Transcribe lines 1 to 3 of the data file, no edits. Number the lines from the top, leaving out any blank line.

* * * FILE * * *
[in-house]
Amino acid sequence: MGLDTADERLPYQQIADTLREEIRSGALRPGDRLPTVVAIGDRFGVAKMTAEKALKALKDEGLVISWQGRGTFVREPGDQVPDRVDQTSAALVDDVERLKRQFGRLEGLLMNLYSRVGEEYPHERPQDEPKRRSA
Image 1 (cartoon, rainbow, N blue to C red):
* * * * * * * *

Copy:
[in-house]
Amino acid sequence: MGLDTADERLPYQQIADTLREEIRSGALRPGDRLPTVVAIGDRFGVAKMTAEKALKALKDEGLVISWQGRGTFVREPGDQVPDRVDQTSAALVDDVERLKRQFGRLEGLLMNLYSRVGEEYPHERPQDEPKRRSA
Image 1 (cartoon, rainbow, N blue to C red):